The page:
TV consumer reporters, more than any others I’ve observed in my career, are very fond of the ‘gotcha’ interview. When they can’t get a spokesperson or official to agree to a formal interview, they often just show up with a camera in a parking garage, or at the office door, or outside the elevators. It’s a great strategy when you want to get someone on tape primarily saying, I can’t talk to you about that now. Because most of the time, that’s the result of the gotcha. And the reporter almost always turns that into the impression that the spokesperson was evading the questions, which of course, they often are doing.
But in media relations, we know that sometimes the gotcha ambush seems unfair, and our spokesperson would answer those questions if the timing was different. Still, when you or your spokesperson are caught out, is evasion the best tactic?
In Canada, CBC Marketplace are big users of the gotcha interview. Check out last week’s episode (go to about 16:15 on the video) where they ambush an autobody shop manager, who walks out on them and looks very guilty on camera. Or when Starbucks won’t give them an on-camera interview for a story about whether the coffee giant is really recycling cups as they claim (starts at about 8:00 on the video), Marketplace just walks into the corporate office with a camera. They look evasive too. And there’s always the one where a provincial premier’s PR rep refused to let her boss be interviewed in a dismissive, gum-chewing manner.
But I’ve got to call out a St. Louis PR rep for her high-handed manner in blocking a camera and reporter from interviewing her boss. Not only is she obtrusive and made herself the story by blocking the gotcha interview, but if you watch the video below, her boss was handling things fine before she stepped in and made it worse.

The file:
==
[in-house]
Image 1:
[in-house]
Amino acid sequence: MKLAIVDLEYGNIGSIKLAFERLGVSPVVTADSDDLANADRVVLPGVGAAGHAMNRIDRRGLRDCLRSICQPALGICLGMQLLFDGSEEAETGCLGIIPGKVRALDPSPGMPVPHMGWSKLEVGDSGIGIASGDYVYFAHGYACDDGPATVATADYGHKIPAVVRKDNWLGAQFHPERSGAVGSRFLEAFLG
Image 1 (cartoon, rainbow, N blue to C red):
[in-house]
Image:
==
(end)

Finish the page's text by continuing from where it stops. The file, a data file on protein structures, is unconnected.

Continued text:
Local Fox news consumer reporter Elliott Davis was doing a story about St. Louis Comptroller Darlene Green’s take-home car, which was paid for by taxpayers. He couldn’t get a scheduled interview, so he decided to ambush her in the hallway outside her office. Ms. Green was handling the gotcha pretty well, but then her media relations rep, Melanie Streeper, stepped in and made it much worse. According to some reports, she said the word “no” 36 times as she physically inserted herself (and her large file folder) between the reporter, his camera and Ms. Green.
And when the reporter tried to schedule an interview after that encounter, as offered by Ms. Green, Ms. Streeper emailed him that “No sit-down will be scheduled until we have all of your questions sent to us.” When I teach media training, I always point out that reporters hate being asked for questions and find it insulting, so don’t ever ask unless your client is the head of state or something similarly important. I guess Ms. Streeper missed that lesson, because her refusal just made her boss, and her, look worse.
The ambush gotcha interview may not be a media relations rep’s favourite situation, but it doesn’t have to end like this. And it seems Ms. Streeper is no longer working for the St. Louis Comptroller’s office, so maybe it was a hard lesson to learn for her.